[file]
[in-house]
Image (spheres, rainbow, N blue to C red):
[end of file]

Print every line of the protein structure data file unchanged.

[in-house]
Image (spheres, rainbow, N blue to C red):